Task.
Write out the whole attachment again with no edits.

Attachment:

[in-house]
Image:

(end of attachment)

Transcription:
[in-house]
Image: